rasPi Stretch Lite install notes

Hal Murray hmurray at megapathdsl.net
Tue Jan 9 03:11:31 UTC 2018

>>> Who cares about the dynamic peak?  That is handled by the RasPi on
>>> board capacitors.  When the capacitors can not hold up the DC any
>>> longer then the meter sees the problem.

>> No, the meter is much too slow for that.  (Or at least mine is.)

> I'd love to test that.  Maybe the $100 USB meters are worth it?  I can
> always put a scope on it.  Do you have a RasPi dynamic overload scenario I
> can try to duplicate?

There are two issues in this discussion.  (Sorry I wasn't clear the first 

The first problem is the capacitor.  Do the back of the envelope.  Assume the 
power jumps from X to X+0.1 A and you want the voltage to drop less than 0.1 
V in 0.1 second.  V=I*T/C  Right?  So you need one Farad.  There is nothing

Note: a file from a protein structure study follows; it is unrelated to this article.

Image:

like that on a Pi.  The regulator has to catch that sort of change.

The other issue is the meter response time.  What sort of glitch do you 
expect to see?  What do you think the response time of the display is?  Most 
low cost meters average over a long time.  That gives you the average voltage 
by filtering out the noise.  Long is a significant fraction of a second.

(Years ago, a friend told me the story of helping a student.  He put an old 
mechanical meter on the power supply and you could see the fuzz in the 

I don't have a handy test case.  You might try whatever you have handy.  Plug 
in a GPS and see what it says.

The other problem with USB meters is that they drop the voltage 
significantly.  They are actually measuring the voltage across a small 
resistor.  If you put one in upstream of your Pi you are increasing your 
chances of power problems.  If you have a normal meter with probes, you can 
probably measure the voltage going in and coming out.

These are my opinions.  I hate spam.

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